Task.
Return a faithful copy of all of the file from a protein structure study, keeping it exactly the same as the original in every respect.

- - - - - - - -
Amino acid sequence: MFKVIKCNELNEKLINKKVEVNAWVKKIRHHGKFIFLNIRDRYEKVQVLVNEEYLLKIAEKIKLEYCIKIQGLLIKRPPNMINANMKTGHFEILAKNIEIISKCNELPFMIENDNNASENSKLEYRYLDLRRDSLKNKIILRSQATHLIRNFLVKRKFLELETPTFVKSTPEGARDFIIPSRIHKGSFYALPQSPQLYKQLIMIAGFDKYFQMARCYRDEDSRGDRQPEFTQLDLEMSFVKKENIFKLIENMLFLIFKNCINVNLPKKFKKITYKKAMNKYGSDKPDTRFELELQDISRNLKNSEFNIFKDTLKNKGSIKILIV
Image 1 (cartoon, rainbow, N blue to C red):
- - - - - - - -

Amino acid sequence: MFKVIKCNELNEKLINKKVEVNAWVKKIRHHGKFIFLNIRDRYEKVQVLVNEEYLLKIAEKIKLEYCIKIQGLLIKRPPNMINANMKTGHFEILAKNIEIISKCNELPFMIENDNNASENSKLEYRYLDLRRDSLKNKIILRSQATHLIRNFLVKRKFLELETPTFVKSTPEGARDFIIPSRIHKGSFYALPQSPQLYKQLIMIAGFDKYFQMARCYRDEDSRGDRQPEFTQLDLEMSFVKKENIFKLIENMLFLIFKNCINVNLPKKFKKITYKKAMNKYGSDKPDTRFELELQDISRNLKNSEFNIFKDTLKNKGSIKILIV
Image 1 (cartoon, rainbow, N blue to C red):